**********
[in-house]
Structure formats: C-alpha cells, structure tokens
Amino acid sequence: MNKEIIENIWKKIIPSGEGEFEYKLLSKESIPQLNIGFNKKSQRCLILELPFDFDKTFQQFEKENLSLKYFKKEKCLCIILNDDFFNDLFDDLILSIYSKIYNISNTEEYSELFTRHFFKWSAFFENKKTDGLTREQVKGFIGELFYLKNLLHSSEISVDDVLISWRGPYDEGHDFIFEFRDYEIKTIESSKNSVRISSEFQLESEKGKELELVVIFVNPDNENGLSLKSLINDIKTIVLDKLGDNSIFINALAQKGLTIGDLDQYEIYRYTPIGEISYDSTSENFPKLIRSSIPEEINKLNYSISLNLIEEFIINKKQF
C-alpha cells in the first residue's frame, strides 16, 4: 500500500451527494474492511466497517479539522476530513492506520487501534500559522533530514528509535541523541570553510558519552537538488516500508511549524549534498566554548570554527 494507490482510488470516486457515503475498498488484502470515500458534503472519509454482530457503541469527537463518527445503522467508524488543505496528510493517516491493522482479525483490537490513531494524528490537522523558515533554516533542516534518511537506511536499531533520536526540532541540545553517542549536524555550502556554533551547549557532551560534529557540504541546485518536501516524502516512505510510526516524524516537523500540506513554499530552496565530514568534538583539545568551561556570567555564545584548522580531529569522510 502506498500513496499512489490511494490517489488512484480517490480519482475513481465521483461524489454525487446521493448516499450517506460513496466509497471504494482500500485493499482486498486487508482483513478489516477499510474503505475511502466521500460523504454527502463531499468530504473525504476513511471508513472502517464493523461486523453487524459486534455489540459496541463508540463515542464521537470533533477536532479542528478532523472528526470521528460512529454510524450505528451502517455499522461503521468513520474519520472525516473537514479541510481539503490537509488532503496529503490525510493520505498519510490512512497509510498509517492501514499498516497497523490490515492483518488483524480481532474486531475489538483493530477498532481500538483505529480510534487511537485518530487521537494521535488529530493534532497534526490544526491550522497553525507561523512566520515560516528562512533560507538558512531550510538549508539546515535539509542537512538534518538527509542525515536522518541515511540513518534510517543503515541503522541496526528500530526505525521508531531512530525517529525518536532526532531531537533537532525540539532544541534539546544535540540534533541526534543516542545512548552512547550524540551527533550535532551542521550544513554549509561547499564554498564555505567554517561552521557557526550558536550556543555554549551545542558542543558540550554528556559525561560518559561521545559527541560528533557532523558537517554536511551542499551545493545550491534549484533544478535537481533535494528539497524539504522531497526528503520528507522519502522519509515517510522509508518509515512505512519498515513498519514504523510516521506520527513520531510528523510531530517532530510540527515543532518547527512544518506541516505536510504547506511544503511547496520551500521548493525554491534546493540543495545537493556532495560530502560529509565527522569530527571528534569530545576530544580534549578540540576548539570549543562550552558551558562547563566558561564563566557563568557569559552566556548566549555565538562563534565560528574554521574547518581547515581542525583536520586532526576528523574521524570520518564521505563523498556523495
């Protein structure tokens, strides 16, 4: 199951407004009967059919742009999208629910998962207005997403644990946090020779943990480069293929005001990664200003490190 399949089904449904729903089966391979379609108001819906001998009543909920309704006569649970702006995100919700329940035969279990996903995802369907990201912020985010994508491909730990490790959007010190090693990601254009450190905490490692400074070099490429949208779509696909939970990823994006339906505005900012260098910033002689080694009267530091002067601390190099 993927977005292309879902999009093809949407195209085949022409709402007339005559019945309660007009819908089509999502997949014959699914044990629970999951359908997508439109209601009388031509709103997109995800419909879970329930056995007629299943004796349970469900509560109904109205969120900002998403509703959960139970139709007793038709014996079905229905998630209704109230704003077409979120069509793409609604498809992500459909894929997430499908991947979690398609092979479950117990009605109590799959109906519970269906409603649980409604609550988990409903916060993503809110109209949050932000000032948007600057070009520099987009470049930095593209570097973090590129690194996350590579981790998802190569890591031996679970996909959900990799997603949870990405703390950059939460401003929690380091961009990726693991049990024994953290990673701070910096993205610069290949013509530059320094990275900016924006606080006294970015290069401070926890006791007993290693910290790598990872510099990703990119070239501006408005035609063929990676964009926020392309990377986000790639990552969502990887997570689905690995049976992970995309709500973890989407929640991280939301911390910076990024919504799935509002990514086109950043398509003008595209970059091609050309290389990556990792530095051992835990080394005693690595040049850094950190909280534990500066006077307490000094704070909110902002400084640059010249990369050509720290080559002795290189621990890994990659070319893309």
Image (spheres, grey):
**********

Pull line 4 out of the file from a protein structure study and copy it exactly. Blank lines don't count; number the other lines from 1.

C-alpha cells in the first residue's frame, strides 16, 4: 500500500451527494474492511466497517479539522476530513492506520487501534500559522533530514528509535541523541570553510558519552537538488516500508511549524549534498566554548570554527 494507490482510488470516486457515503475498498488484502470515500458534503472519509454482530457503541469527537463518527445503522467508524488543505496528510493517516491493522482479525483490537490513531494524528490537522523558515533554516533542516534518511537506511536499531533520536526540532541540545553517542549536524555550502556554533551547549557532551560534529557540504541546485518536501516524502516512505510510526516524524516537523500540506513554499530552496565530514568534538583539545568551561556570567555564545584548522580531529569522510 502506498500513496499512489490511494490517489488512484480517490480519482475513481465521483461524489454525487446521493448516499450517506460513496466509497471504494482500500485493499482486498486487508482483513478489516477499510474503505475511502466521500460523504454527502463531499468530504473525504476513511471508513472502517464493523461486523453487524459486534455489540459496541463508540463515542464521537470533533477536532479542528478532523472528526470521528460512529454510524450505528451502517455499522461503521468513520474519520472525516473537514479541510481539503490537509488532503496529503490525510493520505498519510490512512497509510498509517492501514499498516497497523490490515492483518488483524480481532474486531475489538483493530477498532481500538483505529480510534487511537485518530487521537494521535488529530493534532497534526490544526491550522497553525507561523512566520515560516528562512533560507538558512531550510538549508539546515535539509542537512538534518538527509542525515536522518541515511540513518534510517543503515541503522541496526528500530526505525521508531531512530525517529525518536532526532531531537533537532525540539532544541534539546544535540540534533541526534543516542545512548552512547550524540551527533550535532551542521550544513554549509561547499564554498564555505567554517561552521557557526550558536550556543555554549551545542558542543558540550554528556559525561560518559561521545559527541560528533557532523558537517554536511551542499551545493545550491534549484533544478535537481533535494528539497524539504522531497526528503520528507522519502522519509515517510522509508518509515512505512519498515513498519514504523510516521506520527513520531510528523510531530517532530510540527515543532518547527512544518506541516505536510504547506511544503511547496520551500521548493525554491534546493540543495545537493556532495560530502560529509565527522569530527571528534569530545576530544580534549578540540576548539570549543562550552558551558562547563566558561564563566557563568557569559552566556548566549555565538562563534565560528574554521574547518581547515581542525583536520586532526576528523574521524570520518564521505563523498556523495